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CORS Best Practices

Cross Origin Resource Sharing (CORS) best practices Free for all A common example is if you own a website that displays content for the public, that is not behind paywalls, or requiring authentication or authorization – you should be able to set Access-Control-Allow-Origin: * to its resources. The * value is a good choice in cases when: No authentication or authorization is required The resource should be accessible to a wide range of users without restrictions The origins & clients that will access the resource is of great variety, you don’t have knowledge of it or you simply don’t care A dangerous prospect of such configuration is when it comes to content served on private networks (i.e. behind firewall or VPN). When you are connected via a VPN, you have access to the files on the company’s network: Oversimplification of VPNs Now, if an attacker hosts as website, which contains a link to a file within the VPN, they can (in theory) create a script on their website th
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lazy programmer

A lazy programmer loves programming, but hates working, so they work as little as possible. A lazy programmer finds every possible way to avoid working in the weekends. A lazy programmer writes a lot of tests, so QA junks do not waste their time. A lazy programmer documents their code, so thar coworkers do not waste their time. A lazy programmer is a master of delegation. After they delegated a task, they immeditaly forget about it. A lazy programmer do not edit long files, they teach regular expressions how to edit the file in their place. A lazy programmer do not deploy in production, they instruct Jenkins to do that. Therefore a lazy programmer is not afraid of deploying on Friday afternoon. A lazy programmer goes to the office as little as possible, possibly when other non-lazy people are not around, so they don’t waste their time. A lazy programmaer knows the best tools of their trade, so that they can reuse other people work as much as possible. A lazy programmer is easy going, b

Essential Reading List for 2021

Books on marketing, psychology, productivity, writing and startup to read in 2021. 1. Atomic Habits by James Clear 2. Deep Work By Cal Newport 3. Everybody Writes By Ann Handley,  4. Contagious: Why Things Catch On By Jonah Berger 5.  The Copywriter’s Handbook 6. Supermaker: Crafting Business on Your Own Terms By Jaime Schmidt 7. It's About Damn Time: How to Turn Being Underestimated into Your Greatest Advantage 8. The Great CEO Within: The Tactical Guide to Company Building 9. Ogilvy on Advertising 10. The Psychology of Money: Timeless lessons on wealth, greed, and happiness 11. ReWork: Change the Way You Work Forever 12. Trillion Dollar Coach: The Leadership Handbook of Silicon Valley’s Bill Campbell 13. Setting the Table: The Transforming Power of Hospitality in Business 14. Tribe of Mentors: Short Life Advice from the Best in the World 15. The Art of Community: Seven Principles for Belonging 16. Cashvertising By Drew Eric Whitman 17. All marketers are liars By Seth Godin 18. Pe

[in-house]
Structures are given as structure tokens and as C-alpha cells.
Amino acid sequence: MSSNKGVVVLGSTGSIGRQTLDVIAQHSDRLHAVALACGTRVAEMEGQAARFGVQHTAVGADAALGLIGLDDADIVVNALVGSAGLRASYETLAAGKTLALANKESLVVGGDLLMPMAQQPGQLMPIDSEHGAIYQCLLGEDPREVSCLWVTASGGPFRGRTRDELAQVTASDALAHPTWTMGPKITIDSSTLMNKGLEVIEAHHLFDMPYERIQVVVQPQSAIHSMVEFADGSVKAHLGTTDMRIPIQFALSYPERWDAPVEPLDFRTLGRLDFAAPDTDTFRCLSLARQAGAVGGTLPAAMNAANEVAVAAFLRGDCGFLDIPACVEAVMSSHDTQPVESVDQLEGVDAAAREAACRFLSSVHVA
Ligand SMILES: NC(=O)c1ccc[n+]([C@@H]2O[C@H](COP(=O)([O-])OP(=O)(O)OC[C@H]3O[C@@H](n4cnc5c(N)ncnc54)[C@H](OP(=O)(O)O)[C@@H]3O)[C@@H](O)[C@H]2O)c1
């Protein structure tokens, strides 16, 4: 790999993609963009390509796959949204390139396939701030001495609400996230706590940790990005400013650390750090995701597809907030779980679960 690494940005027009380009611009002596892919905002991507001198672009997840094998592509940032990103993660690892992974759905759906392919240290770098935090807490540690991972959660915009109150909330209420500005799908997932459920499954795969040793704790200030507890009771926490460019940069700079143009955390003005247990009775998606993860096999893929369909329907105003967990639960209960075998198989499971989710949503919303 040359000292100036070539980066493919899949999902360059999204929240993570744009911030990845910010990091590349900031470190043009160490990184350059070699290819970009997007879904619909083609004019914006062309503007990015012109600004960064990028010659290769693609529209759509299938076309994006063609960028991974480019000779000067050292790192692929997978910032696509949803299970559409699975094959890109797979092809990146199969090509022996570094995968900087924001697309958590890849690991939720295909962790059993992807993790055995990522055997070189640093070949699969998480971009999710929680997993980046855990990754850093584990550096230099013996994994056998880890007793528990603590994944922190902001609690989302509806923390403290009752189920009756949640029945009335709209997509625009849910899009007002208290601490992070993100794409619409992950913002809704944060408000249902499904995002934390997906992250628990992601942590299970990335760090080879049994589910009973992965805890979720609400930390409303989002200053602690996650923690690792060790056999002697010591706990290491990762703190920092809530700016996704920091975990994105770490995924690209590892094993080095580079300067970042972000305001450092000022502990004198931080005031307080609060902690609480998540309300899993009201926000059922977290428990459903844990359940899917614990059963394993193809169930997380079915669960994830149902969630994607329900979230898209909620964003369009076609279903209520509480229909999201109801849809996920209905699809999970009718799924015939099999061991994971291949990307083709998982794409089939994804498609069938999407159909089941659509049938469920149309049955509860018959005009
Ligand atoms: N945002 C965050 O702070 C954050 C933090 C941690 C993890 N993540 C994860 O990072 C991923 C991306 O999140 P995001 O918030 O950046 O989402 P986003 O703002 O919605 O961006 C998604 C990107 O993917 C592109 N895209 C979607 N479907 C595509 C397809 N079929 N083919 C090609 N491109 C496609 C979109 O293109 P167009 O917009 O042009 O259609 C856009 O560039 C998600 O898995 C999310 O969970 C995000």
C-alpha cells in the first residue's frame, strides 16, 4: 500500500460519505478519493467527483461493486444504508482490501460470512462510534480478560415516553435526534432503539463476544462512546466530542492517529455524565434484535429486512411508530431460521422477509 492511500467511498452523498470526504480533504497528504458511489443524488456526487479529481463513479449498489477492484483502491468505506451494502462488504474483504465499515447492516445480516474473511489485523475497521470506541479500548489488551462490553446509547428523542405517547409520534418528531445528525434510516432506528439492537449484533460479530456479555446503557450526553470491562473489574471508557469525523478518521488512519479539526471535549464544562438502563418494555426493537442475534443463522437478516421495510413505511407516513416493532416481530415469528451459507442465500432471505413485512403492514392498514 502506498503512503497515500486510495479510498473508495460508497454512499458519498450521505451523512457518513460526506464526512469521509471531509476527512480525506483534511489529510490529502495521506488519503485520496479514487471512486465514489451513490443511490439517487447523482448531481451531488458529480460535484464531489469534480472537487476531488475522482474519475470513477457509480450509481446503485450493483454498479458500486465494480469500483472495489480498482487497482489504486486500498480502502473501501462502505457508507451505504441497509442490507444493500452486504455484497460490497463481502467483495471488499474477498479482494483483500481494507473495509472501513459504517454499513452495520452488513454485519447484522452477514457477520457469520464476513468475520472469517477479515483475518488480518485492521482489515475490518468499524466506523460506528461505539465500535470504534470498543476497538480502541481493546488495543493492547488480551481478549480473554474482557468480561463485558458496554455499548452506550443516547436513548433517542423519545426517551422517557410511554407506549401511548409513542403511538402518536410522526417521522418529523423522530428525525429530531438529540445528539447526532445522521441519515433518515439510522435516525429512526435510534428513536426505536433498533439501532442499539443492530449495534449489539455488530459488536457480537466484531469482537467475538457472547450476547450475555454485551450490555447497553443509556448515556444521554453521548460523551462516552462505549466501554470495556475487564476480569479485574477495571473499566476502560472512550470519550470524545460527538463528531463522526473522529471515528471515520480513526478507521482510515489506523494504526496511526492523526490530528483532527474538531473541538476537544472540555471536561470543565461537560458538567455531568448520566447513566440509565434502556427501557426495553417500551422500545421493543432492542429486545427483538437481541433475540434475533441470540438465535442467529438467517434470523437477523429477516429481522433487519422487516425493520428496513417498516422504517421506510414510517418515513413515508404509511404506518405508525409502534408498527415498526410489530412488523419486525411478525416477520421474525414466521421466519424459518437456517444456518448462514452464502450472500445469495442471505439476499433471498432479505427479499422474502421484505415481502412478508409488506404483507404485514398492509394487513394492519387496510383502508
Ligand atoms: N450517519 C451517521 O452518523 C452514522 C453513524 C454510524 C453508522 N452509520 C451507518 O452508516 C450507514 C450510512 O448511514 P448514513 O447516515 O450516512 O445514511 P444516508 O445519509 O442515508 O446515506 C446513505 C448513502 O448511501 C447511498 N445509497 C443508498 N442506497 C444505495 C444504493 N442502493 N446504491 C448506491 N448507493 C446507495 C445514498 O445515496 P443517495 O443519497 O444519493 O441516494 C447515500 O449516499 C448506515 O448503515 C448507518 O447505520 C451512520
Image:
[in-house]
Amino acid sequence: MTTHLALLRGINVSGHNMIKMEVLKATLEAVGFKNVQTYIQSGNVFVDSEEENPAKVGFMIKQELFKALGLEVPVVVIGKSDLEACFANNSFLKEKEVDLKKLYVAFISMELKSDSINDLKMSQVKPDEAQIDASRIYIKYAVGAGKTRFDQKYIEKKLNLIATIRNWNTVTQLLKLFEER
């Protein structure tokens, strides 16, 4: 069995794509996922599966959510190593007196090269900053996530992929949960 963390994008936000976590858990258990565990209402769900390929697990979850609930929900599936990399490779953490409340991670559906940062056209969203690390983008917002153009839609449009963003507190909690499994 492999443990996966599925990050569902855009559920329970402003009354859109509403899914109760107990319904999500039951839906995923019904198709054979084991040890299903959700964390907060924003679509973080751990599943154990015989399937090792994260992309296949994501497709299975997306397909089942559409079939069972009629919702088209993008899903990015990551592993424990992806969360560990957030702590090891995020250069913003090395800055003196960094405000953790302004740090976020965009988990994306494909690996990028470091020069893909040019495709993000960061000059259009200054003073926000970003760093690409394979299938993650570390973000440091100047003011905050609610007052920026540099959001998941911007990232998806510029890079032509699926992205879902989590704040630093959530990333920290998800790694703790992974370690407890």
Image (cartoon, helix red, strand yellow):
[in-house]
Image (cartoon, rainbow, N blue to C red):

Love's Pensive

The truth is, once you fall in love with a person, you never give up on loving them. Maybe your love never finds the courage to be expressed, maybe it was expressed but never reciprocated or maybe it was reciprocated and still didn't make through. Or all of the above at different times. So your love stays, right there in your heart, never giving up. Some days you cry until your ribs shake like tectonic plates saying it's okay. Other days, you convince yourself that you deserve better. Years pass and time builds a fortress around that chunk of your heart. Love ferments into a sour disdain while butterflies drown in a reluctant resentment. You take charge and distribute yourself in other relationships, that form bricks of your fortress. And you forget it for a while. But then somewhere, you hear their favorite melody in a restaurant. You think of their lame jokes on an uneventful bus ride through the lanes near your old house. In a crowd of strangers, their perfume flits through

Never run "python" in your "Downloads" folder

  One of the wonderful things about Python is the ease with which you can start writing a script - just drop some code into a   .py   file, and run   python . Similarly it’s easy to get started with modularity: split   into   and , and you can   import my_lib   from   and start organizing your code into modules. However, the details of the machinery that makes this work have some surprising, and sometimes  very  security-critical consequences: the more convenient it is for  you  to execute code from different locations, the more opportunities an attacker has to execute it as well... Python needs a safe space to load code from Here are three critical assumptions embedded in Python’s security model: Every entry on  sys.path  is assumed to be a secure location from which it is safe to execute arbitrary code. The directory where the “main script” is located is always on  sys.path . When invoking  python  directly, the  current dir